Sorry no post yesterday. One of the horses, Petra, was very sick. According to Dallas, sometimes horses get sick from eating too much green grass too quickly. Anyway, he picked her up in the horse trailer and worked with her, giving her electrolytes, and some concoction for constipation. Corey went back over last night to double check on her and make sure that Dallas hadn’t just shut her up in the barn. Fortunately, he was pleasantly surprised as Dallas was genuinely taking care of her.
I won’t even get into details on the last thing he did when one of his horses died, but suffice it to say that had I been present, I might have beat him with his cane . . .
Anyway, while he was here, Dallas also loaded up Amy, Boots, and Franklin. He had said that he wanted to separate Franklin from any of the mares that might be going into heat, which is fine, but I still don’t know why he took Amy or Boots. He assured Corey that he’d return Boots and Petra. At least he knows not to touch Napoleon.
More later Peace.
We should all strive to be the people our dogs imagine us to be. Just saying . . .
I can actually see something like this happening . . .
I don’t know if this one is true, but it’s what I imagine I’d do if ever I was forced to be a greeter . . .
What the hell are people learning in school lately? Anything? Anything? Bueller? Bueller?
Is it sad that I can relate to this kid?
Me, at the end of “Orphan Black,” or “Buffy the Vampire Slayer,” or the upcoming final season of “Game of Thrones.”
And finally, I will always, always, post Nurse Rat-chit:
I really think that it doesn’t rain nearly enough around here . . . not. The only good thing about all of the rain here is listening to it at night as it falls on the tin roof.
Anyway, sorry no post yesterday. I could think of nothing to say. Corey spent the day in bed as it’s his turn to be sick. Honestly, I wonder how long we’ll swap this bug, whatever it is. He’s better today, but he was also better earlier in the week, so who knows . . .
I’m fairly certain that the header quote is a take on Marshall McLuhan’s quote, “All through his life, he swung between the ridiculous and the sublime,” which comes from his famous 1964 book, The Medium is the Message.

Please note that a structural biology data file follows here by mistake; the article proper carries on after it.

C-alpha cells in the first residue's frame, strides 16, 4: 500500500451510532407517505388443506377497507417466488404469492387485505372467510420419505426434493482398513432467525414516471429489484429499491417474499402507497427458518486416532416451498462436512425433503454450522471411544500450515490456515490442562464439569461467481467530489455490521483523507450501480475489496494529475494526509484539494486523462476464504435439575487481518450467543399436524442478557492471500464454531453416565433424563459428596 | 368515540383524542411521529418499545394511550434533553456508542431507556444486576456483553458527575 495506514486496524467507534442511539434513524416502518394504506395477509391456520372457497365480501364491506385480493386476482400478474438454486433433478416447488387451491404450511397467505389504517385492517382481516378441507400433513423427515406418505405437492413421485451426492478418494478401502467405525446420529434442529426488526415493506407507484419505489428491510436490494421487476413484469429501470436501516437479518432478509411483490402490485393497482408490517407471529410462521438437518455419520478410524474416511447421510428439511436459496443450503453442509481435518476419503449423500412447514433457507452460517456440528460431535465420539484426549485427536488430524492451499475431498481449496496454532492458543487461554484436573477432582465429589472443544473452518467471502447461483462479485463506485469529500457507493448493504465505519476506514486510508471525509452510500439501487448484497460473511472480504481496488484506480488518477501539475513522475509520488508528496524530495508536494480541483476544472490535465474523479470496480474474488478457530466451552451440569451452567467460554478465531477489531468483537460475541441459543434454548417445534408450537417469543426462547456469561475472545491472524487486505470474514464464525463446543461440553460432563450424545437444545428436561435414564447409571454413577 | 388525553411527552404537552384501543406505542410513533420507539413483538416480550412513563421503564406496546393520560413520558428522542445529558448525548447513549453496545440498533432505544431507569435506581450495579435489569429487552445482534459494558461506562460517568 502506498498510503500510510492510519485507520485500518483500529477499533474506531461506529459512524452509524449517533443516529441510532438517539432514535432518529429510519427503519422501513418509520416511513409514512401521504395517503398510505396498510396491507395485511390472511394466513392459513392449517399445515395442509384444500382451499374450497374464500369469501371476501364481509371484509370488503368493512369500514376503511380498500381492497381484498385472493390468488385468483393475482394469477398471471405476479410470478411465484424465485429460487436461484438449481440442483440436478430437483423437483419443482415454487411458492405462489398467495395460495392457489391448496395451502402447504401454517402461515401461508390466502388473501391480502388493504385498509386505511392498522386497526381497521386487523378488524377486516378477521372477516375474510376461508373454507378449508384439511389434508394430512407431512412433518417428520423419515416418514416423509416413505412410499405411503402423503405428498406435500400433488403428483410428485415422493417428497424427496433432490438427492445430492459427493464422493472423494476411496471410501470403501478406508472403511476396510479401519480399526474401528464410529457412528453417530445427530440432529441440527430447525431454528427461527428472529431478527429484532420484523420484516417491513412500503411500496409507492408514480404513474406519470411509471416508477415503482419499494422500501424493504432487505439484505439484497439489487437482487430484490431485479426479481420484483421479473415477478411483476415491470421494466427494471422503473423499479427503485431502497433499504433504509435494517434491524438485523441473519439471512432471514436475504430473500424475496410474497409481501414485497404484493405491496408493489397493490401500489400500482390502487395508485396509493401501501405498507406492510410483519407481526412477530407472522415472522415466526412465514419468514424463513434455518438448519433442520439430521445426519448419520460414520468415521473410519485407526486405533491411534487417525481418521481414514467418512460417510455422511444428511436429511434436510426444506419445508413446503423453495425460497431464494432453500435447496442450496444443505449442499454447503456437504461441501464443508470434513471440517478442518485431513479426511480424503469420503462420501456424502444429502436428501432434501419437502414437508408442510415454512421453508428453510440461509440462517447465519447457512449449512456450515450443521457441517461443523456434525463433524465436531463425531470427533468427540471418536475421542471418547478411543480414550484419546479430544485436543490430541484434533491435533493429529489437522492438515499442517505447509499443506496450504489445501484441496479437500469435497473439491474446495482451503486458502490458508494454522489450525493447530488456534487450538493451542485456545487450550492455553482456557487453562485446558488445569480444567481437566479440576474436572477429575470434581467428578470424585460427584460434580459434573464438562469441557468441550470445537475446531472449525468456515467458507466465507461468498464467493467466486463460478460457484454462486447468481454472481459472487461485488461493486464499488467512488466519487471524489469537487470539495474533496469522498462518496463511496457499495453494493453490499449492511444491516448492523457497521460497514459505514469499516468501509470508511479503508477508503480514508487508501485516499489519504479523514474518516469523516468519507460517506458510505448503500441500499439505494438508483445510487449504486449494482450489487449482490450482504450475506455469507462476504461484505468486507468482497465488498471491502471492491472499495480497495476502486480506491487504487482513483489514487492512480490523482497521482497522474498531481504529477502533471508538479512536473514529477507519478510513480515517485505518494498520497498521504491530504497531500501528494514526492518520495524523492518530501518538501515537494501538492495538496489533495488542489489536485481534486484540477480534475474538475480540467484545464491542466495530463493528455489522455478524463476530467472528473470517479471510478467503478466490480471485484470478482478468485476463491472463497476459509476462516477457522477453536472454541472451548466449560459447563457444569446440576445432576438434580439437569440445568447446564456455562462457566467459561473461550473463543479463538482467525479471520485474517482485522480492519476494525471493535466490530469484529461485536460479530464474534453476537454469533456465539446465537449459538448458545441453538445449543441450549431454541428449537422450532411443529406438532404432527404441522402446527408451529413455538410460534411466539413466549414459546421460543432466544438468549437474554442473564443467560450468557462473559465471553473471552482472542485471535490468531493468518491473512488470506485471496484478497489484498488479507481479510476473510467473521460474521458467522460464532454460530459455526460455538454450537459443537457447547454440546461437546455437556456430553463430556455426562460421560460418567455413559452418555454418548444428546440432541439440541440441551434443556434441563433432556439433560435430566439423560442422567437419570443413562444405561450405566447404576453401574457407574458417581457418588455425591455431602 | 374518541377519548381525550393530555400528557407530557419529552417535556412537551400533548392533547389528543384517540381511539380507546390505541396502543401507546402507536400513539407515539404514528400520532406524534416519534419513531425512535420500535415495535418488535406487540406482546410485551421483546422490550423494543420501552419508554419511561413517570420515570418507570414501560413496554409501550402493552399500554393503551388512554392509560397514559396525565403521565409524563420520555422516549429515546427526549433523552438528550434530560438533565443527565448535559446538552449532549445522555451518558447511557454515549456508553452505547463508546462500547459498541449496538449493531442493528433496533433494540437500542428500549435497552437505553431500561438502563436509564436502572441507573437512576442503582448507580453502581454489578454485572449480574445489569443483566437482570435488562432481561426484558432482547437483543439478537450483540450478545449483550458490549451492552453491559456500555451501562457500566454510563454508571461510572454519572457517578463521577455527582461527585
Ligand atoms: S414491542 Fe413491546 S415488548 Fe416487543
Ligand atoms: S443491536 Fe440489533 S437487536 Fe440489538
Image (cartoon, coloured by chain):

(Just an aside here: I cannot believe how many people online think that the word is massage, not message . . . We really need to go back to spelling tests in grade school.)
Pretty good collection today, so enjoy.
More later. Peace.
Michigan ghost apples caused by extremely cold temperatures (found here):
This reminded me of how my old dogs used to try to get on the hammock with me . . .
Friday afternoon, overcast and drizzle once again, 54 degrees.
Don’t even get me started on the presidential faux state of emergency.
During the night when I opened the door to let the dogs out, I was hit in the face with the smell of impending spring, which is miraculous considering we have horses and the accompanying smell of equine eau du poo. It almost made the sleeplessness worth it. Almost.
I began a post on Monday, picked it up again yesterday, and still haven’t finished it. So . . . should I finish or scrap it and start over? Thoughts, opinions, ideas?
Anyway, enjoy today’s collection.
I want a red hat that says this:
I want a baby elephant . . .
Why all of the reminders about my age?
The entire automotive industry was against seat belts at one time. Now, they spend all of their time trying to out do one another with more and more safety features. Go figure . . .
I cannot even begin to list the number of times this happened to me when I had to get up for work . . .
“A self that goes on changing is a self that goes on living.” ~ Virginia Woolf, from “The Death of the Moth and Other Essays”
Monday afternoon. Sunny and cooler, 46 degrees.
Today’s post debuts my new category: Monday Maquillage, which will focus on my most recent forays into all things beauty related, like makeup, skincare products, tools, etc. As I had mentioned, I’ve spent roughly the last three years obsessed with all things makeup related, rather than spending time on here writing simply because it was an easier distraction. And if you find it ironic that a self-professed hermit bothers with makeup, you wouldn’t be wrong. I mean, do I wear it for the dogs? No. My spouse? No. Who then, you might wonder . . .